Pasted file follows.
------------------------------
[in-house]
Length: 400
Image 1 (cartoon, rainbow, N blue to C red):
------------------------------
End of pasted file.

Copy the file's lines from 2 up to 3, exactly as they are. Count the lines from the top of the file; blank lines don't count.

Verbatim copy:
Length: 400
Image 1 (cartoon, rainbow, N blue to C red):